Order could cost couple hundreds of thousands

A Dunleer man and his wife have been ordered by the High Court to tear up and dispose of 1.6km of roadway which was made of waste material.

A Dunleer man and his wife have been ordered by the High Court to tear up and dispose of 1.6km of roadway which was made of waste material.

Sean Doyle, a director of Oxigen Environmental Ltd, and his wide Mary Doyle, both of Salterstown, Dunleer, Co Louth, had built the roadway in a Special Area of Conservation.

The road was built using waste material supplied by one of Oxigen’s facilities, built on land owned by the couple at Portree and Ballymanus, near Vicarstown, Portlaoise.

The orders were brought to the High Court by Laois County Council. They successfully argued the roadway was an unauthorised development built on part of the Nore-Barrow SAC and posed a risk to the environment.

The council sought orders under the 1996 Waste Management Act compelling the Doyles, to remove the material from the site, dispose of it at a suitable licensed facility and restore the habitats to their original state.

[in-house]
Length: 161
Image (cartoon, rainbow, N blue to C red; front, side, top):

The Doyles had accepted the roadway was built without permission but argued that the best way to rectify the situation was to remove 400 metres of the road. Removing the rest of the road could cause more damage than leaving it there, they argued.

Mr Justice Hedigan ruled that the entire road should be removed. The material used to construct the road was non-inert and contained leachate and it was “hard to accept” that leaving all but 400 metres of the road was the safest option, he said.

The action was adjourned for two weeks when final orders will be made.

The courts, he said, had a duty to uphold Irish and European legislation in regards to the protection of the environment and in particular when it comes to areas of Special Conservation.

Previously the court heard that more than 6,500 tonnes of material, taken from an Oxigen facility in Dublin over a three to four-month period, was used to build a roadway for Mr Doyle.

The move could potentially costs the couple hundreds of thousands of euro.

Last year the Dundalk Democrat revealed how the company was in breach of a number of EPA guidelines including using waste material which was used in a similar manner, having been sold to a private vendor to build an avenue. The EPA informed Oxigen that as much as 822,760kg of waste had been dispatched to unauthorised locations at Dillonstown, Co Louth, and ordered them to cease doing so. Oxigen later confirmed that they had ceased transferring to the site in April of 2012.